Making Instruments Using Recycled Material Teaches Science Skills

Making Instruments Using Recycled Material Teaches Important Science Skills in Preschool Teaching music in preschool, isn’t just about music appreciation.  Music taught at an early age increase students academic and social /emotional learning in years to come.  That is why we are so passionate about our Music First!program. Music First! is a 12-16 week residency where our teaching artists work alongside classroom teachers fostering student’s school readiness skills.  These skills include literacy, math, and science through music. As part of this curriculum, students explore the importance of recycling by making instruments out of plastic bowls, aluminum foil, paper towel rolls and much more!  In future lessons, students play  rhythmic pattern using their recycled instrument to illustrate characters from a book they are reading. You can learn more about our MUSIC FIRST! program, here.       Please follow and like...

How to Work With an Artist in Residence

At a time when the arts are being squeezed out of the curriculum,  inviting an artist to take up residence in your school can be an excellent way to supplement arts education. Working directly with an artist can reveal the process of creating art and help pupils to experiment with their creativity and gain confidence in expressing themselves. It will also give young people an insight into the professional arts world and demonstrate the continuum from art made in the classroom through to professional practice. The benefits might be obvious, but the process of setting up an artist in residence may not be. Here are some tips for a successful collaboration. Think about your project brief Make sure you have a purpose in mind for the artist to work towards. What type of involvement would you like the artist to have? You may want them to give talks, run practical workshops or lead a project that will involve pupils in the production of an artwork. Think about how the residency will link to school curriculum or out-of-school activity. Make sure you are clear about what you hope students and staff will gain from the experience. Set a timeline How many times a week will this artist come in and for how long?  Will the students display their learning at the end of the residence? Will this be for the school Parents? Give the artist specifics Make sure the artist knows  who to contact if they are going to miss a class due to illness or other factors.  What is the make-up policy? Have a conversation about how the school...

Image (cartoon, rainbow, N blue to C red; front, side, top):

The Value of Music Integration: A Classroom Teacher’s Perspective

  Music Integration looks different in every classroom depending on the comfort levels of the collaborating teachers. These four wonderful classroom teachers from Oakland learned alongside their students as the music teacher taught rhythmic activities using steady beat and simple musical notation. The classroom teachers then modified those rhythmic activities to use in later language, math, and science lessons. Hear their reflection on how music integration has affected their teaching practice.   How do you integrate music into your classroom?       Please follow and like...

Promoting Peace in the Classroom and Home: Fighting Is Not The Solution

As a classroom teacher, I am always looking for new and exciting ways to bring music into my classroom.  Recently, I stumbled on the Mosaic Project, an Oakland non profit. This organization’s mission is to: We work toward a peace­ful future by uniting children of diverse backgrounds, providing them with essential community building skills, and empowering them to become peacemakers. A coworker introduced me to and amazing CD and Song Book they created.  The Song, Fighting Is Not The Solution became a daily song in our classroom.  The songs reinforces I-statements and the importance of talking about your feelings.  Seeing the success of the song (you know it’s successful when students start singing the chorus when a conflict starts in your classroom), I went to their website to learn more. Not only do they provide a CD and Songbook, but they have camps for youth and families.  This is a great resource for teachers, artists, and parents that you can’t pass up!  Go check them out! Please follow and like...
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